sometimes i stand this way: the new polish poetry

Excerpt from Agitator
Tymoteusz Karpowicz

It was a lion that devoured
your trees in the garden
a goldfish
swallowed your hands

1958, translated by Malgorzata Sady.
Karpowicz was born in Lithuania in 1921.

I love the sense of something large or small creating an unbalanced amount of trouble in its wake. A building falls and only a field of flowers is crushed, no one is harmed. A fly lands on the tip of a glass in the store display and the entire thing tumbles. I also spent too much time reading The Chronicles of Narnia when I was younger, and tend to enjoy the idea of lions unexpectedly entering backyard gardens.

Memory of Your Hands
Malgorzata Hillar

When I remember
the touch of your hands
I am no longer the girl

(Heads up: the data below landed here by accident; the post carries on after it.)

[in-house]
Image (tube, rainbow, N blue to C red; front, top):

who quietly combs her hair
and sets clay pots
on a pinewood shelf

Helpless I feel
how the flames of your fingers
kindle my neck and arms

Sometimes I stand this way
in broad daylight
in a white street
and I cover my mouth with my hands

so I will not scream.

1957, translated by Iwona Gleb.

This text feels like the wake of a panic attack, and reminds me of the insurmountable feelings you have when you first fall in love with someone. The feeling of being crushed under the weight of even a memory of feeling is very indulgent and happily reminds me of being a teenage girl. I also love the idea that you can control the impulse to scream by simply placing your hands over your own mouth. I know that I’ve used this imagery myself somewhere and perhaps that is why I enjoyed this poem so much.

I’ve been drawn to the Polish Books books section at the Jersey City Free Public Library, perhaps I am trying to find something about myself there. This is the first of three in a series I plan to write about, taken from The New Polish Poetry: A Bilingual Collection, 1978; Holton and Vangelisti eds. University of Pittsburgh Press.



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